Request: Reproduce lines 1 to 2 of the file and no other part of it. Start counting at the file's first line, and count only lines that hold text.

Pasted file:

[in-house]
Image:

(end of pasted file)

[in-house]
Image: